The top six contenders for Sunday’s Indian Derby enjoyed excellent positions when gate numbers were drawn by lots at the Mahalaxmi Racecourse on Thursday evening
It’s not impossible. But it’s highly improbable. Defying the laws of statistical probability, the top six market fancies for the Kingfisher Ultra Indian Derby to be run at the Mahalaxmi Racecourse on Sunday were lucky to get excellent positions when gate numbers were drawn by lots, while the most disadvantageous gate numbers, from 14 through 20 in a 20-horse field, went to horses that are largely viewed as running without a hope.
Off they go: Horses storm out of their respective starting gates at last year’s Indian Derby at the Mahalaxmi Racecourse
The gate position, for a Derby runner, can make or mar its chances. When the 20 Derby contenders will line up opposite the grand stand of the Mahalaxmi racecourse on Sunday, they will be loaded into an electronic, state-of-the-art starting gate that was imported by the Royal Western India Turf Club (RWITC) after the tragic death of a horse named Running Bull who got awkwardly caught up under the old starting stalls at Pune in August 2010.
Zavaray Poonawalla, present chairman of the club, had then taken the initiative to import the new starting gates at a considerable cost which have been in use since then.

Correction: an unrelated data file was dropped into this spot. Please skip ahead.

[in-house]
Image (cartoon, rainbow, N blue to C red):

These modern gates are more roomy and well-cushioned on both sides to avoid injury to a fractious horse. They ensure a perfect and even start for all participants as they flash open in a microsecond after the starter puts his flag down. But the luck of the draw has nothing to do with the starting gates being modern or perfect, it has to do with which gate number gets allotted to which runner; and since horses drawn far wide have to travel that much extra distance around the turns of the oval racetrack, no one wishes to be drawn too wide.
For a race like the Derby, drawing the gate positions by lots is also part of a Derby ritual, which was conducted in a glittering ceremony on the lawns of the racecourse on Thursday evening.
The function was graced by none other than Dr Vijay Mallya who, in 1985, was the first to sense the Indian Derby’s potential as a lifestyle event and has been sponsoring it since then for a record 32nd year. Interestingly, all the half dozen prime Derby contenders in the 20-horse line up were served rather useful gate positions in the lucky draw.
Pesi Shroff’s prime hope, Costa Del Sol, got gate#2, while the Bangalore challenger Brilliant Cut got #4, and Malesh Narredu’s Colombiana got gate position #6. Even Star Formation, picked up a single digit draw of 8. At first glance, the likely Derby favourite Myrtlewood getting #12 looks bad, but remember she is the one who has scored both her victories (1000 Guineas & Oaks) by coming from behind, so her trainer Shroff is surely not going to complain about it.